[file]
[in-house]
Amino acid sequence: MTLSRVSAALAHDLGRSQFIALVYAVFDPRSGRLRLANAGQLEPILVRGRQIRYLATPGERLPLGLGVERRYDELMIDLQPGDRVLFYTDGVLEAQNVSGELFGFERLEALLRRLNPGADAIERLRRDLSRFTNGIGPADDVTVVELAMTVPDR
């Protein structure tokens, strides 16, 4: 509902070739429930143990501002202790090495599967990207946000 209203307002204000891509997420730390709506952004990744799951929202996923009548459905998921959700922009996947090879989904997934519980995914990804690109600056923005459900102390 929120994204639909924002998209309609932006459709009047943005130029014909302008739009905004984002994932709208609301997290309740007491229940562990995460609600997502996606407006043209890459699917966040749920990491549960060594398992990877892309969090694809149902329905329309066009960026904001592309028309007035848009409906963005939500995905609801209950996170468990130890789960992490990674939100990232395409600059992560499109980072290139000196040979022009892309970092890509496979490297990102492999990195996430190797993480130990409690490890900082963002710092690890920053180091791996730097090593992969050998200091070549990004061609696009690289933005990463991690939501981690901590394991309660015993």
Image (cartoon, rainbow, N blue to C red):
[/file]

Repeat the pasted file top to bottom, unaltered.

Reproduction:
[in-house]
Amino acid sequence: MTLSRVSAALAHDLGRSQFIALVYAVFDPRSGRLRLANAGQLEPILVRGRQIRYLATPGERLPLGLGVERRYDELMIDLQPGDRVLFYTDGVLEAQNVSGELFGFERLEALLRRLNPGADAIERLRRDLSRFTNGIGPADDVTVVELAMTVPDR
């Protein structure tokens, strides 16, 4: 509902070739429930143990501002202790090495599967990207946000 209203307002204000891509997420730390709506952004990744799951929202996923009548459905998921959700922009996947090879989904997934519980995914990804690109600056923005459900102390 929120994204639909924002998209309609932006459709009047943005130029014909302008739009905004984002994932709208609301997290309740007491229940562990995460609600997502996606407006043209890459699917966040749920990491549960060594398992990877892309969090694809149902329905329309066009960026904001592309028309007035848009409906963005939500995905609801209950996170468990130890789960992490990674939100990232395409600059992560499109980072290139000196040979022009892309970092890509496979490297990102492999990195996430190797993480130990409690490890900082963002710092690890920053180091791996730097090593992969050998200091070549990004061609696009690289933005990463991690939501981690901590394991309660015993």
Image (cartoon, rainbow, N blue to C red):